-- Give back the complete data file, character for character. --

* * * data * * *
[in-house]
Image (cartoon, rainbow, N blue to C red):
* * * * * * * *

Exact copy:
[in-house]
Image (cartoon, rainbow, N blue to C red):